Beware of enlightenment
Shelton Stat of the Week
72% of Americans now believe their home’s health is directly tied to their personal health; with Latino Americans being more aware of that connection than White/Caucasian Americans (83% of Hispanics say they believe their home’s health is directly related to their personal health vs. 69% of White/Caucasians and 73% of Blacks).
—Energy Pulse®, 2021
I serve on the board of ACEEE, and just attended the opening keynote of this year’s bi-annual Summer Study on Energy Efficiency in Buildings. That keynote was delivered by Sarah Susanka of Not So Big House fame (she’s written several books which have sold, in total, over a million copies.)
I found her talk inspiring. She spoke about realizing in the ‘80s that what people often asked for in a home – Bigger! With a formal living room and dining room! – often wasn’t what people actually wanted. They were asking for what they thought would be necessary for resale value, even if said formal living room and dining room would never get used. She talked about working with clients to see that they could have a better house – better materials, better efficiency, better use of space – that reflected the way they actually lived and supported well-being. She built a name for herself and attracted clients who wanted that approach, and she started writing about it and selling lots of books.
In her keynote, Susanka talked about defining spaces by varying ceiling heights, pointing out that this was a trick Frank Lloyd Wright used often, which makes a house feel bigger even when it’s on the small side. She also talked about the importance of designing beautiful houses for sustainability. In other words, by building a house with better materials and higher efficiency, it can last longer…but nobody will want to preserve and care for it if it’s ugly.
What was super interesting, though, were the questions and comments Susanka received. Particularly one from a young woman of color who said, with just the slightest hint of irritation, “I haven’t read your books and I don’t know about the other architect you talked about” – (she meant Frank Lloyd Wright) – “but my grandfather built small houses in Mexico like what you’re talking about, but it was out of necessity.” What I interpreted her to say was, “I don’t get why some highbrow white lady is taking credit for an approach I’ve seen all my life.” Again, not what she said, but what I interpreted.
This is something for all of us to watch out for, including me. I DO think we True Believers in the sustainability space can come off like we’re the ones who discovered, for instance, that using less is a better way to live. And then we can be quite self-congratulatory about our sacrifices. One of my favorite campaigns of all time in the sustainability space, Follow the Frog, pokes great fun at this.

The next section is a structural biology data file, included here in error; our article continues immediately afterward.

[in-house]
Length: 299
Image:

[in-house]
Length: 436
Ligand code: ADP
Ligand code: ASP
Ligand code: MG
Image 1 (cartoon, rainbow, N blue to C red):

So, the first take-away is: honor the ideas and the perpetuators of those ideas that came before you and give credit where it’s due as you communicate your sustainability story.
The second takeaway, though, is about people. We hear a lot these days about environmental justice. And Shelton Group’s insights bear out that people in America expect companies to take care of people (particularly employees) first, if they want to be considered good companies. Yet sustainable everyday products, greener homes and low emissions vehicles remain out of reach for most Americans, and that includes the very same people most negatively impacted by emissions and pollutants from the factories making more sustainable goods and, of course, by climate change.
As more and more companies follow the same roadmap to get in compliance with Wall Street expectations – commitments to carbon neutrality by 2050, signing up for Science Based Targets, going Zero Waste to Landfill, and working on reducing water and energy consumption – the companies that win will be the ones that lean hard into social commitments. It won’t be enough to have your environmental house in order; you’ll need to have your social impact house in order, too – and that includes making sustainability and well-being accessible for all and giving credit where it’s due. Or else your company risks getting a reaction like the one I heard from the audience this week.
City of Austin improves resilience and community health through landscape development in parks and green spaces
— City of Austin
A great example of incorporating sustainability into social spaces is the City of Austin’s adoption of a Green Building Policy Resolution and their Sustainable SITES Initiative. This City of Austin press release goes into detail about how a local government can create sustainable, healthy spaces for every community through dedicated policy.
The world as a whole has the technology to help all its pieces make sustainable advancements. It’s up to the world to help itself by sharing that technology widely. This Reuters opinion piece specifically details the impacts of poor cooling infrastructure across the globe and how that infrastructure could be improved sustainably.
Shoptivism: Why Consumers (& Job Seekers) Opt In & Out of Today’s Brands
Every year we ask Americans if they’ve ever intentionally purchased or not purchased a product or service based on the social or environmental record of the manufacturer. We then ask everyone who says “yes” to name the brand. Those who say “yes” and can give an example of a brand unaided? We call them shoptivists.
But who are these “shoptivists?”
Our latest report answers this question with three distinct consumer profiles, including details on their mental models, their shopping patterns, the messages that resonate, and where to find them.
Built Environment, Efficiency & Conservation, Environmental Issues